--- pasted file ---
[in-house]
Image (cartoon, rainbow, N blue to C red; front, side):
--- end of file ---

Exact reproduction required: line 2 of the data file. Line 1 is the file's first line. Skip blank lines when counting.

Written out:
Image (cartoon, rainbow, N blue to C red; front, side):